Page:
The E-town Farmer’s Market is finally filled with fresh fruits and vegetables. Many folks wondered if their gardens would ever grow after a long wet spring. Farmers were planting and some found their seeds rotted in the ground. The hot weather and sunshine of the past month has finally given the plants a chance to catch up.
The Community Garden behind the Hale House is filled with tomatoes and squash, some of which are ready for picking. In my own garden, I’ve given up trying to grow spinach. Maybe its global warming, but cool weather crops that should thrive, can’t take 90-plus degree heat.
In many gardens zucchinis seem to grow overnight. It won’t be long before homeless squash, string beans and cucumbers appear on the front porch of the New Russia Post Office. Somehow these fresh veggies always find a good home.
Speaking of New Russia, the last remnant of commerce in this historic hamlet is on the chopping block. Despite loyal patrons and summer folks from the Underwood Club, the New Russia post office has not been able to sell enough stamps to save it from the USPS axe. It may be closed this fall. If that happens, hoards of New Russians will drive to E-town, where there will be stiff competition for parking spaces at the Post Office.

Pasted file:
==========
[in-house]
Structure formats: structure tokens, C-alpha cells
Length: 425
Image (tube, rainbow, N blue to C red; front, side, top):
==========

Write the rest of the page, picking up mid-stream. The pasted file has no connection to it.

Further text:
Mid August also means blackberry-picking season. Many folks have favorite picking sites, whose location is only shared with blood relatives. But the location of last year’s bumper crop may have disappeared. Trees grow tall and shade out the sun; so last year’s berry patch may now be filled with saplings. The best black berry spots are along road edges that are not mowed and in clearings made by loggers a few years after the trees have been harvested.
If berry picking is not for you, stop by the Elizabethtown Thrift Shop. It is now open six days a week (but never on Sunday). Donation day is Saturday, Aug. 20, at the UCC Parish Hall from 10 to 11 a.m.